Government Challenges Deere-Monsanto Merger

     CHICAGO (CN) — The Justice Department sued agricultural giants Deere & Co. and Monsanto to stop a planned merger between Deere and a Monsanto subsidiary that the government says would create a monopoly.
     Deere plans to acquire Precision Planting LLC for $190 million to curtail competition to its high-speed planting technology.
     In 2014, Precision introduced the SpeedTube system weeks before Deere came out with its ExactEmerge product. Both systems “enable farmers to plant seeds at substantially higher speeds,” the government’s lawsuit states.
     According to the complaint filed Wednesday in Northern Illinois Federal Court, the planter is “a critical piece of farming machinery” and the new technology allows farmers to plant crops at up to 10 miles per hour, twice the speed of a conventional system with the same accuracy.
     While Deere sold its new technology “bundled into new planters,” Precision offered its system “as a set of components that could be purchased at a relatively low cost and retrofitted onto existing planters,” the complaint states.
     That gave Precision a pricing advantage, since retrofitting a planter costs about one-fifth of the $150,000 a farmer would pay for a new Deere planter.
     Although Deere eventually came out with its own retrofitting system, Precision “posed a formidable challenge to Deere and its profitable sales of new planters.”
     After Precision partnered with a Deere competitor to factory-install SpeedTube on its planters, a Deere executive allegedly said he could not “state more emphatically how much of a threat this news is.”
     Deere estimated that if it bought Precision from Monsanto, it could avoid cutting its own prices by 5 to 15 percent, and, according to the government, “with control over the pricing, quality and availability of Precision Planting’s technology, Deere would control the availability of this ‘gamechanger’ to farmers.”
     With 2015 ExactEmerge sales at $900 million and SpeedTube’s at $100 million, the companies shared 86 percent of the market for high-speed planting equipment.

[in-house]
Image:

The other two companies in the market do not use comparable technology, making Deere and Precision “the only two meaningful providers of high-speed precision planting systems in the United States,” according to the Justice Department.
     The government says that if Deere took control of Precision, it “would end the competition that exists today…and that would otherwise continue and expand as adoption of this emerging technology increases,” violating antitrust laws.
     Ken Golden, Deere’s director of public relations, said in a statement that the “DOJ’s allegations about the competitive impacts of the transaction are misguided and the companies intend to defend the transaction vigorously.”
     “When the transaction is finalized, Deere will preserve Precision Planting’s independence in order to ensure innovation and speed-to-market and will invest in additional innovation efforts at Precision Planting to benefit customers,” Golden said.
     The Climate Corporation, the Monsanto division selling Precision, “continues to believe that the sale of Precision Planting to Deere & Company will be beneficial to farmers,” CEO Mike Stern said in a statement.
     “Deere & Company and The Climate Corporation plan to defend the transaction on its merits,” Stern said.

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